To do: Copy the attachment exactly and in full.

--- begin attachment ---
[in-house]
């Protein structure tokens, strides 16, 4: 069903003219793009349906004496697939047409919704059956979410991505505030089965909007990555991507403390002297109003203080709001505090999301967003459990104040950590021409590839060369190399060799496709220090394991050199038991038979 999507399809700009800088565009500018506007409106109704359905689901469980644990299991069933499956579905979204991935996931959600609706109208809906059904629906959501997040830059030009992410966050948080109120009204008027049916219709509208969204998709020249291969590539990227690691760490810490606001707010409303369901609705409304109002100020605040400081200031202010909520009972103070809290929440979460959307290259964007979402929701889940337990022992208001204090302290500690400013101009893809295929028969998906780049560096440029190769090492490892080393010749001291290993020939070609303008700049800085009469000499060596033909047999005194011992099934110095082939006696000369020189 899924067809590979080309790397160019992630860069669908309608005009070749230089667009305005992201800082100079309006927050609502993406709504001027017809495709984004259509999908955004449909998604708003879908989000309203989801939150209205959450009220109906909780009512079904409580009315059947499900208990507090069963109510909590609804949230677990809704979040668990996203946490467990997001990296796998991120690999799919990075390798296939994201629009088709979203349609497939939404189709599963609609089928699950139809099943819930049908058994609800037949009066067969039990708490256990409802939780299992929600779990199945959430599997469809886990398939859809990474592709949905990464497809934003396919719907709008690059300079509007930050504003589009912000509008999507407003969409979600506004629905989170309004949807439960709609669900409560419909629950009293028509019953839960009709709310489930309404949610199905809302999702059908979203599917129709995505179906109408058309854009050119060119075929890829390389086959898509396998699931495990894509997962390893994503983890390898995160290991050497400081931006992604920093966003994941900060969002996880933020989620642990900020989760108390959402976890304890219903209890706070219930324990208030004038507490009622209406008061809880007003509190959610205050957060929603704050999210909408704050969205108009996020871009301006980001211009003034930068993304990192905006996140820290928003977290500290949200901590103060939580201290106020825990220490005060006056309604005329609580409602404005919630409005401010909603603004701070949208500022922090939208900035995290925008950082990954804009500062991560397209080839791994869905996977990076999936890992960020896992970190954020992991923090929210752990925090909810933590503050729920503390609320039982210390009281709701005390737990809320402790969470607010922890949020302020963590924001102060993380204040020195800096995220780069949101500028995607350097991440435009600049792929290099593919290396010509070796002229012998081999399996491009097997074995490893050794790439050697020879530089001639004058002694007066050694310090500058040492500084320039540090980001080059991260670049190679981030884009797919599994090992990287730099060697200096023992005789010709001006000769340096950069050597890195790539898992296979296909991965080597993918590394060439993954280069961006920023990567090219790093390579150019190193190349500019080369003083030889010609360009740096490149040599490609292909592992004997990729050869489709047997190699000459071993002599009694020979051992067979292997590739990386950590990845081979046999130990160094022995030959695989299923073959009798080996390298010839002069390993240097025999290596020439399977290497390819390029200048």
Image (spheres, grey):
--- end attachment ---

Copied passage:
[in-house]
């Protein structure tokens, strides 16, 4: 069903003219793009349906004496697939047409919704059956979410991505505030089965909007990555991507403390002297109003203080709001505090999301967003459990104040950590021409590839060369190399060799496709220090394991050199038991038979 999507399809700009800088565009500018506007409106109704359905689901469980644990299991069933499956579905979204991935996931959600609706109208809906059904629906959501997040830059030009992410966050948080109120009204008027049916219709509208969204998709020249291969590539990227690691760490810490606001707010409303369901609705409304109002100020605040400081200031202010909520009972103070809290929440979460959307290259964007979402929701889940337990022992208001204090302290500690400013101009893809295929028969998906780049560096440029190769090492490892080393010749001291290993020939070609303008700049800085009469000499060596033909047999005194011992099934110095082939006696000369020189 899924067809590979080309790397160019992630860069669908309608005009070749230089667009305005992201800082100079309006927050609502993406709504001027017809495709984004259509999908955004449909998604708003879908989000309203989801939150209205959450009220109906909780009512079904409580009315059947499900208990507090069963109510909590609804949230677990809704979040668990996203946490467990997001990296796998991120690999799919990075390798296939994201629009088709979203349609497939939404189709599963609609089928699950139809099943819930049908058994609800037949009066067969039990708490256990409802939780299992929600779990199945959430599997469809886990398939859809990474592709949905990464497809934003396919719907709008690059300079509007930050504003589009912000509008999507407003969409979600506004629905989170309004949807439960709609669900409560419909629950009293028509019953839960009709709310489930309404949610199905809302999702059908979203599917129709995505179906109408058309854009050119060119075929890829390389086959898509396998699931495990894509997962390893994503983890390898995160290991050497400081931006992604920093966003994941900060969002996880933020989620642990900020989760108390959402976890304890219903209890706070219930324990208030004038507490009622209406008061809880007003509190959610205050957060929603704050999210909408704050969205108009996020871009301006980001211009003034930068993304990192905006996140820290928003977290500290949200901590103060939580201290106020825990220490005060006056309604005329609580409602404005919630409005401010909603603004701070949208500022922090939208900035995290925008950082990954804009500062991560397209080839791994869905996977990076999936890992960020896992970190954020992991923090929210752990925090909810933590503050729920503390609320039982210390009281709701005390737990809320402790969470607010922890949020302020963590924001102060993380204040020195800096995220780069949101500028995607350097991440435009600049792929290099593919290396010509070796002229012998081999399996491009097997074995490893050794790439050697020879530089001639004058002694007066050694310090500058040492500084320039540090980001080059991260670049190679981030884009797919599994090992990287730099060697200096023992005789010709001006000769340096950069050597890195790539898992296979296909991965080597993918590394060439993954280069961006920023990567090219790093390579150019190193190349500019080369003083030889010609360009740096490149040599490609292909592992004997990729050869489709047997190699000459071993002599009694020979051992067979292997590739990386950590990845081979046999130990160094022995030959695989299923073959009798080996390298010839002069390993240097025999290596020439399977290497390819390029200048």
Image (spheres, grey):